There were signs: aggression, isolation and acting out in school. But it wasn’t until a police officer showed Cynthia Escamilla a letter written by one of her sons that the mother of seven realized her third oldest was mentally ill.
“The officer told me, ‘This happens to be a five-page suicide letter that your son wrote,”’ said Escamilla, who shared her story Tuesday during the launch of a countywide public awareness campaign to help get treatment to mentally ill children. “On the last page of the letter, before he ended it, (he) said, ‘Before I take my own life, I’m taking a couple of people with me. … That raised a red-flag.”’
Although her son received some treatment for his disorder, Escamilla knows first-hand getting mental health care for children in Clark County is not easy. Services are scattered, at best, she said.
The goal of the public awareness campaign, developed by the Clark County Children’s Mental Health Consortium, is not only to bring more services to children with mental health problems but to encourage parents and youth to seek treatment early, said Hilary Westrom, vice chairwoman of the consortium.
The campaign will also ask legislators to find more funding for services, she said.
It will consist of at least one public service announcement filmed at Cheyenne High School in North LasVegas.
“We have received more legislative funding in the past two sessions, but this time around we’re really struggling with the budget,” said Mike Bernstein, health educator for Southern Nevada Adult Mental Health Services. “We really need more funding to increase services provided to children who are in crisis. There is also a need to provide mental health services to more youth. But that’s what the fight is every (legislative) session. By the time the next legislative session rolls around, so many more people will have moved here. We’re barely keeping up now.”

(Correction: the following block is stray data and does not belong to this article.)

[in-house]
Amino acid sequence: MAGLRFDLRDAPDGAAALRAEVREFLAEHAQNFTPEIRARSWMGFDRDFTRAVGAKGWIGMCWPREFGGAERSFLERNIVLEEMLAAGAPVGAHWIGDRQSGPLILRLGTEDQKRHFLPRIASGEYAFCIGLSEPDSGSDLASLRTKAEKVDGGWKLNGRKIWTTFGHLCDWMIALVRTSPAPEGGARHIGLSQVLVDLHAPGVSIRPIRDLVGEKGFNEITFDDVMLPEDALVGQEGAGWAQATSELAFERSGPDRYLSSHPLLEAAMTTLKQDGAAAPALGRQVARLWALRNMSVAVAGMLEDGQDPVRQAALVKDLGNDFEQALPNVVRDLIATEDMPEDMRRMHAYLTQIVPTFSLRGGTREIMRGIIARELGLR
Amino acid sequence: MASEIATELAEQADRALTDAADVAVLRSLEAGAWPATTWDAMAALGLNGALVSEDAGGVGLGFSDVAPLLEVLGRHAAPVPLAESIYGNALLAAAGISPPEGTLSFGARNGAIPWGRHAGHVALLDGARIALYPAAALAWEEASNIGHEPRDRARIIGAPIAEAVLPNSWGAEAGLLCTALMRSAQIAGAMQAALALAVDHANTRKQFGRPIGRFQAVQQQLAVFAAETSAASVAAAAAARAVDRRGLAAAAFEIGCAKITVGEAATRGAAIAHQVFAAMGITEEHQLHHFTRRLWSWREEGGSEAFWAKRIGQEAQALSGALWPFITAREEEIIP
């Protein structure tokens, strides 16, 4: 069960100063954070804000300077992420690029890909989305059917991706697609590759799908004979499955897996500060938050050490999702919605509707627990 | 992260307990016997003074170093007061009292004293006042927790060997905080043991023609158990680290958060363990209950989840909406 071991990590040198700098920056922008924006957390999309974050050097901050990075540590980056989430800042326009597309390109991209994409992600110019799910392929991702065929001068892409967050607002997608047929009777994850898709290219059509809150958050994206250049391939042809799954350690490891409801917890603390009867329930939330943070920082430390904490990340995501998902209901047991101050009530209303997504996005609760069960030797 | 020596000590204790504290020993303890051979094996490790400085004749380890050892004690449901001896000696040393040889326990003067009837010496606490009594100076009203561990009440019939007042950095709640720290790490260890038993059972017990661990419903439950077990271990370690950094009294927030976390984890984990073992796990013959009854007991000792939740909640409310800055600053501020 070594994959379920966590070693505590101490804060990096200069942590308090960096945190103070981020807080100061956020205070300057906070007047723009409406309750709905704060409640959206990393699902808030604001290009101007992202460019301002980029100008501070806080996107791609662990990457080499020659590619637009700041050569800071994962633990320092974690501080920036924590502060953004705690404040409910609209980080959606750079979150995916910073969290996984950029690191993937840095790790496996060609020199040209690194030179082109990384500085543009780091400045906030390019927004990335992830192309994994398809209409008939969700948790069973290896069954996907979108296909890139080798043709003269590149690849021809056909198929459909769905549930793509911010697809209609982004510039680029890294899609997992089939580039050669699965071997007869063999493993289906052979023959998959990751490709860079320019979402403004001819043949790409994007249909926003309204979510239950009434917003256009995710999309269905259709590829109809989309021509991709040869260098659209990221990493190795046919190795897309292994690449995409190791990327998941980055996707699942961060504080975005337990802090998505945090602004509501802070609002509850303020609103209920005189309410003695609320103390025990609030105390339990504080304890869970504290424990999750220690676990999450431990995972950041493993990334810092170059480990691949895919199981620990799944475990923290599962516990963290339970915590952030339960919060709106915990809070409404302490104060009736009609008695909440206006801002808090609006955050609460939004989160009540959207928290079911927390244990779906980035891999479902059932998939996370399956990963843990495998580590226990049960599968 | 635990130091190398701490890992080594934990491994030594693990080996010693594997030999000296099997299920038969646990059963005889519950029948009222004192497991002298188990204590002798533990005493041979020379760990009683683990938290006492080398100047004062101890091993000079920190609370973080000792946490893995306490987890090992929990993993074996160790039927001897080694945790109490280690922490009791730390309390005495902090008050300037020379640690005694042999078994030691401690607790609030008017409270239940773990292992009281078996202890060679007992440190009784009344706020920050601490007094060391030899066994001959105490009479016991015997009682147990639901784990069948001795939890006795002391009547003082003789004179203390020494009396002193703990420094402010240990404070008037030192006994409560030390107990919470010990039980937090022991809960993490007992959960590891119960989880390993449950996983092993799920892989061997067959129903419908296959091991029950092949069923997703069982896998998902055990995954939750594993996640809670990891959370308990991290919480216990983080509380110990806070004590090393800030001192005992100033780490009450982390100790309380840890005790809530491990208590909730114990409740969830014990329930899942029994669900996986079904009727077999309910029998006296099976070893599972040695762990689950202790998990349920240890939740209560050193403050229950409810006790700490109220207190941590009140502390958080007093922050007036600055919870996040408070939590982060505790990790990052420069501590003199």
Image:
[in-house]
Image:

This year’s legislative session is scheduled to end June 5.
Bernstein said the consortium, which consists of the Clark County School District, child welfare and juvenile justice officials, and local advocates, will present a report in July to the state’s Department of Health and Human Services regarding the need for more services in Clark County.
According to preliminary data, the number of children entering emergency rooms with serious behavioral health problems is on the rise. In 2005, 720 children entered area emergency rooms for behavioral health crises such as suicide attempts, depression, aggression and schizophrenia. Once data is available for 2006, mental health officials expect to see that number increase by 30 percent.
The report also indicates that the number of children experiencing severe behavioral health issues during school hours is on the rise. During the 2005-06 school year, 878 children required immediate attention during school hours because of serious and life-threatening behavioral problems.
That number is expected to increase by 45 percent for the 2006-07 school year, officials said.
Westrom said children who don’t receive mental health treatment often end up in the county’s juvenile justice system.
According to the consortium’s data, in 2005 more than 8,000 youth with serious and chronic mental health problems were in the county’s juvenile justice system. Roughly 3,000 of them did not receive treatment for their problems.
Mental health officials said Tuesday this new campaign is timely given last month’s massacre at Virginia Tech, where a student went on a shooting rampage and killed 32 people on campus before committing suicide.
Though it’s not known if Seung-Hui Cho had ever been diagnosed with a mental disorder, a judge did order him to receive mental health treatment.
“If a child has a broken foot or arm, you’d rush them to a hospital or a doctor,” Westrom said. “If the child is withdrawn or acting out, you might not know there is a problem, but there is help. The sooner you get treatment, the better the outcome; that’s with almost everything in medicine. The idea is to prevent violent acts from occurring.”